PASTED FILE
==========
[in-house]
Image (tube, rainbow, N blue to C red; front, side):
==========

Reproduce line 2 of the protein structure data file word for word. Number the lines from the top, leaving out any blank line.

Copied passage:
Image (tube, rainbow, N blue to C red; front, side):